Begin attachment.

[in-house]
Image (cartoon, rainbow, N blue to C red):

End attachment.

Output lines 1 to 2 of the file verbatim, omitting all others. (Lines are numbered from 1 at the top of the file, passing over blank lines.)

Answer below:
[in-house]
Image (cartoon, rainbow, N blue to C red):